Converting decimal numbers to Roman Numerals in C#

I decided to create a little project to implement converting decimal numbers to Roman Numerals in C#. You can solve this problem in quite a few different ways, I wanted to talk through the pattern based approach that I went for.

The Roman Numerals from 0 to 9 are as follows:

  • 0 = “” (empty string)
  • 1 = I
  • 2 = II
  • 3 = III
  • 4 = IV
  • 5 = V
  • 6 = VI
  • 7 = VII
  • 8 = VIII
  • 9 = IX

To start the project I wrote a set of tests that checked these first 10 cases. I like taking this approach as it allows you to solve for the simple base case, then you can refactor your solution to be more generic. Our first implementation that solves for the first ten numbers is:

public static string ToRomanNumeral(this int integer)
{
       
     var mapping = new Dictionary<int, string>
     {
         {0, ""},
         {1, "I"},
         {2, "II"},
         {3, "III"},
         {4, "IV"},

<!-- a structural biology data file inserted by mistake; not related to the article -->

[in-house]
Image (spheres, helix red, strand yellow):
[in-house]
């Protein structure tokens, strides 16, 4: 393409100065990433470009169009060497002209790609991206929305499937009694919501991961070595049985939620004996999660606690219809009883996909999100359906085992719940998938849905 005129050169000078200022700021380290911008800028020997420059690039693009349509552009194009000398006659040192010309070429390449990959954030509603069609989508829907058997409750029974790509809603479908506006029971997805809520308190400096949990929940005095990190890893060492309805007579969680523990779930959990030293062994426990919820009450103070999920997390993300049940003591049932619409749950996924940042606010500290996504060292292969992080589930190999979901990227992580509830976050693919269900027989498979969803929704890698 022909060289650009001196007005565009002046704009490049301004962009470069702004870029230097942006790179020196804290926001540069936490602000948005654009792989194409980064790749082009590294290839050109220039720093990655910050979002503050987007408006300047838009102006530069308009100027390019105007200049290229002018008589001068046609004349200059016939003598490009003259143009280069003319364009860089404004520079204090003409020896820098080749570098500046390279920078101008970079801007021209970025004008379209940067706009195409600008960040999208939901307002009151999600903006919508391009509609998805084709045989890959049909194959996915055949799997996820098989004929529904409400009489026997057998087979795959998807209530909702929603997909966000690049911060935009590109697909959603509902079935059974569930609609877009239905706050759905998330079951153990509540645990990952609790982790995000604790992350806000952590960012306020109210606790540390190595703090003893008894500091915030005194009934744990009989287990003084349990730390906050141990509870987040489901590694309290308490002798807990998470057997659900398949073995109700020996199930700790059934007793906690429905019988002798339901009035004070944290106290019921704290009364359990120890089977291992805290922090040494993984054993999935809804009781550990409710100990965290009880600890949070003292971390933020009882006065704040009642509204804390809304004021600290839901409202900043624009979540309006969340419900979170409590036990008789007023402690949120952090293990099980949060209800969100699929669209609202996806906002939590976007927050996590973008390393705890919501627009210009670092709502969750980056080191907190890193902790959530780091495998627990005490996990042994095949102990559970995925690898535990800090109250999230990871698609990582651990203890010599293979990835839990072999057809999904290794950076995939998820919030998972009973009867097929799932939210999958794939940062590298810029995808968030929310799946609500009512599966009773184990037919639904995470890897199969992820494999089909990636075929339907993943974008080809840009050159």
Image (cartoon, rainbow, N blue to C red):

{5, "V"},
         {6, "VI"},
         {7, "VII"},
         {8, "VIII"},
         {9, "IX"},
     };

     return mapping[integer];
}

Obviously there is no error checking etc we are just solving for the 10 first cases. I decided to implement the method as an extension method on int as it makes the code look neat as it will allow you to write:

    var romanNumeral = 9.ToRomanNumeral();

The next step is to look at the Roman Numerals up to 100 and see if we can spot any patterns. We don’t want to have to manually type out a dictionary for every Roman Numeral! If we look at the Roman Numeral representation for the tens column from 0 to 100 we find they are:

  • 0 = “” (empty string)
  • 10 = X
  • 20 = XX
  • 30 = XXX
  • 40 = XL
  • 50 = L
  • 60 = LX
  • 70 = LXX
  • 80 = LXXX
  • 90 = XC